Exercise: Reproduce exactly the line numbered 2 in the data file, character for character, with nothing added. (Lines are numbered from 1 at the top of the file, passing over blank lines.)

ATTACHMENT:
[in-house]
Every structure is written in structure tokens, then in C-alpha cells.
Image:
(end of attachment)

Every structure is written in structure tokens, then in C-alpha cells.